Transport Capability of AAF. The Mi-17 helicopter program is just now coming up to the 87 ship strength but the crews (flying and maintenance) are still not able to conduct all-weather and night-flying operations (only a few can, like the SMW) and maintain the aircraft. In addition, the U.S. Congress is hot about the use of Russian helicopters in the AAF. The Afghans are still not able to maintain their own helicopters to a sufficient degree and will need help in the future years in this area. The C-27A program of 20 light transport aircraft has been an extreme embarrassment to the U.S. Air Force - 16 of the 20 were recently scrapped for 6 cents a pound; four are still at an airbase in Germany yet to deploy to Afghanistan. Plans to replace the 20 C-27As with four C-130s have fallen into question - the first two delivered had a utilization rate of 48% because of the lack of Afghan crews. The third was just delivered and delivery of the fourth C-130 is now on hold.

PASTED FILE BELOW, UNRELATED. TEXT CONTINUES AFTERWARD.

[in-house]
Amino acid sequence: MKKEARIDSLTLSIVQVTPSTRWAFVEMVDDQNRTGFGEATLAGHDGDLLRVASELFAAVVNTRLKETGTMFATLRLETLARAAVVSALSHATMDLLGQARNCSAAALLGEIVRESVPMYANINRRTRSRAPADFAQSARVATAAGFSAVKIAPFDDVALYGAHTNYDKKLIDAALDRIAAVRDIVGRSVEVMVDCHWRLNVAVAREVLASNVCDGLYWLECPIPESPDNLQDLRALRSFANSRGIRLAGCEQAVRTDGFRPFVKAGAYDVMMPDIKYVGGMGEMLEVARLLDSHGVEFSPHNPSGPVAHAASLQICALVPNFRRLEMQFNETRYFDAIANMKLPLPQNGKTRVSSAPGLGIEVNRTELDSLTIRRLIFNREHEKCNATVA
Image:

Close Air Support. The ability of the AAF to support the ANSF is very limited. There are about 11 Mi-35 Attack Helicopters of which only a few can fly; and those crews are not very experienced. The Mi-35s are to be replaced by the A-29 Tucano but that deployment was stalled for two years by Congressional members who favored a U.S. built aircraft from a competing company. The first Tucano arrived at Moody Air Force Base in September 2014 to start the initial training. Recent news reports indicate that the U.S. is going to "weaponize" the MD 530F helicopters currently in the AAF; good news but a little late.